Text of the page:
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Tuesday, September 27, 2016

The Social Media Monster

Hi guys! I am a hypocrite.

I am writing this to (mostly) complain about social media. Then, I will post it ... on social media.

It's pretty self-evident that as a service provider, social media is quite the mixed blessing for my practice. I am certain that the same can be said by any person or business in the public eye. When people share their great experiences at our practice (or we share something positive about our practice), it's really gratifying to know that we did well. It's even better to think that someone who might be looking for a veterinarian could see that post and seek us out.

I also enjoy the opportunity that social media gives us to share our celebrations (Dr. Gammon had her baby!), accomplishments (congrats to Dr. Randla on completing his "Cat-Friendly" certification), and helpful information (here's what you need to know about Canine Flu). It is also a great place to recognize special organizations and promote their needs (Partners 4 Pets needs help paying for "Arrow's" surgery), and highlight our patients ("Peanut" turned 20 today!)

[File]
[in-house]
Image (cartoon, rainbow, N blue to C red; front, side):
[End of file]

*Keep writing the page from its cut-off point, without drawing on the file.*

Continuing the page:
But of course social media is a fickle friend. If someone is not happy with their experience here, they have a public platform on which to share how rude/incompetent/greedy etc... they perceive us to be. Fortunately, that doesn't happen often, but when it does, it is obviously very hurtful to all of us.

I will be the first to admit that we don't always get it right. Like everyone else, we sometimes make a mistake. I have always felt that the best way to judge any business is their willingness to "make right" their mistakes. We take a great deal of pride in our willingness to do that. But I admit that I miss the "old days" when people who were unhappy would call or come in to the office with their complaint. These grievances were (and still are) taken very seriously, and usually rectified, to the best of our ability, by myself or our Practice Manager.